Friday, March 16, 2012

Ban the BMI

BMI, in the sense I mean, stands for Body Mass Index. It's a number that is increasingly being used to classify individuals as healthy, overweight, or obese. It's the number that some parts of government, as well as the weight-cycling industry, use to tell you that there's something wrong with you.

In my book, it's a fraud. According to the official BMI tables, LeBron James is "overweight." So is Kobe Bryant. So are 97 percent of the players in the National Football League, except for those who are officially "obese."

Some other "overweight" celebrities: Tom Cruise. Pierce Brosnan. President George W. Bush.

It should be obvious that it's arbitrary. The government can, and did, change the standards with the stroke of a pen. One night in 1998, 35 million Americans went to bed "healthy" and woke up "overweight" because a government panel had changed the definitions.

Eight of the nine members of that panel had ties to the weight-loss (really, weight-cycling) industry, either as consultants to pharmaceutical companies, recipients of research money from them, or advisers to for-profit groups such as Weight Watchers.

What's fundamentally wrong with the BMI is that it considers only height and weight, not body composition:
BMI makes no allowance for the relative proportions of bone, muscle, and fat in the body. Since muscle weighs more than fat and since bone is denser than muscle and twice as dense as fat, a person with strong bones, good muscle tone, and low fat may have a high BMI. Thus, athletes and fit, health-conscious individuals may be classified as "overweight" or even "obese".
Researchers from the Mayo Clinic College of Medicine, Rochester, Minnesota, found that patients with a low BMI had a higher risk of death from heart disease than those with normal BMI.
 
At the same time overweight patients had better survival rates and fewer heart problems than those with a normal BMI.

This apparently perverse result, drawn from data from 40 studies covering 250,000 people with heart disease, did not suggest that obesity was not a health threat but rather that the 100-year-old BMI test was too blunt an instrument to be trusted.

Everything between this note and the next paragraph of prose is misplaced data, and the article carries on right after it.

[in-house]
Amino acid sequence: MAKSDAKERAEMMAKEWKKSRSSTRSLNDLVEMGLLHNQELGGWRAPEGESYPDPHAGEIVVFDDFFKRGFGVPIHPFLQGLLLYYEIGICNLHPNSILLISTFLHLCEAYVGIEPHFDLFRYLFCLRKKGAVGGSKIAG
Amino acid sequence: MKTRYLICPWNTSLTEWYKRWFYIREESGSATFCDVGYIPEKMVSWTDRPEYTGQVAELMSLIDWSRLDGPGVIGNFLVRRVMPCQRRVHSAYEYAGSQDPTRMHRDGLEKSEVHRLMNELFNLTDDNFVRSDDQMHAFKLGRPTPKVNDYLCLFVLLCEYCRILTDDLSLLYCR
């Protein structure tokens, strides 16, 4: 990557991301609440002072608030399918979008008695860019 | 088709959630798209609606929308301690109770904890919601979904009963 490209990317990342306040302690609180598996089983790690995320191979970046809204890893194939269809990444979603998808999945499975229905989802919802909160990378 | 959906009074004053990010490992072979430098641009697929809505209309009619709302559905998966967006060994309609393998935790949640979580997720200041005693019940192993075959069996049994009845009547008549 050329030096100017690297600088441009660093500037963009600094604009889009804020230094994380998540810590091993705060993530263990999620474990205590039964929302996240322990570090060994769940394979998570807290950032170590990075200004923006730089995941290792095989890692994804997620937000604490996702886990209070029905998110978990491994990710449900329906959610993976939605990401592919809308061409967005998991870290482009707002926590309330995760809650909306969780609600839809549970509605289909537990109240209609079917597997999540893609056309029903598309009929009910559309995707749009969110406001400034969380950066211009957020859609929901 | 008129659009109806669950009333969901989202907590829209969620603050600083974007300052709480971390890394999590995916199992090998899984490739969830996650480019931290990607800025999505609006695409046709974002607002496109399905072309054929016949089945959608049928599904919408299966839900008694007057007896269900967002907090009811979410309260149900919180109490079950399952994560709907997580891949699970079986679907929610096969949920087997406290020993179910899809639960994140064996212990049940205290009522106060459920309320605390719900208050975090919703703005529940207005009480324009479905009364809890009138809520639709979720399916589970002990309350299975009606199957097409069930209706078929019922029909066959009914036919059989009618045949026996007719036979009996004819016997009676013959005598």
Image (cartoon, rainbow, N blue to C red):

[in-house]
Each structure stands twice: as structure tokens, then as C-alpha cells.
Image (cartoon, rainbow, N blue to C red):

What does make sense is to measure the percentage of body fat. There are several ways to do this. Underwater weighing is considered the most accurate, but is also the most unwieldy and inconvenient. It's certainly not readily available to most of us. 

Monitors that use electrical impedance are much easier to find. All they require is contact with your bare feet or hands, or both. Some gyms and health clubs have them, and there are home models that are reasonably accurate. Many are incorporated into digital scales--I like this one

The average percentage of body fat among American men is 17%. Among midlife men, the average is 20%. Strangely, no government panel seems to be setting standards for this, but it seems that a figure of 10 to 14 percent is probably healthy for a man who is not an athlete.

Disclosure: my BMI is higher than the maximum the government table considers "healthy." Since I had access to a body-fat monitor, I did some math. The official table says that, to be at the maximum BMI number it considers healthy, I should weigh 173 pounds.

According to the body-fat monitor, my "lean body weight" today is 173 pounds.

So, to have the maximum "healthy" BMI, I would have to have 0% (yes, zero percent) body fat. That is not healthful. In fact, it's incompatible with life--think of the young anorexics who die of starvation.


Tuesday, March 6, 2012

Nothing to fear... but fear

If you've been out of work for a while, could you be afraid to return to a job?

At first hearing, that sounds crazy. But think about it: in addition to negative messages that you might have internalized on the last job, the process of seeking a new job exposes you to a lot of negativity. It makes you hypervigilant about what others think of you, and you inevitably come across hiring managers who express doubts about your suitability for a job with them. 

The hypervigilance is inevitable. It serves you well during interviews when you need to manage the interaction, not so well the rest of the time. If you're prone to "rejection sensitivity," you likely remember and magnify rejection, and since a job search exposes you to plenty of rejection, that's a killer.

As for the doubting managers: what they're expressing isn't really a judgment of you. If you're wrong for a specific job, that job is wrong for you. Competent managers will want to test the extent of your knowledge and skills; not-so-competent ones will want you to prove yourself without making it clear what it is that you need to prove.

A recent story on NPR dealt broadly with the fear of returning to work. In addition to the negative messages you get in a job search, merely not doing a job for a while can cause you to doubt your ability to do it again. In some cases, applicants even expressed their fears to an HR manager.

The story is light on suggestions, but long on questions that everyone who's been in the job market for long should consider.